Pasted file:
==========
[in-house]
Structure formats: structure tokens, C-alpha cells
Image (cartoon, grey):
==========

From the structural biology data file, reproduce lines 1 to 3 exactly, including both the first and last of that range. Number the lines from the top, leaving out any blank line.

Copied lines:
[in-house]
Structure formats: structure tokens, C-alpha cells
Image (cartoon, grey):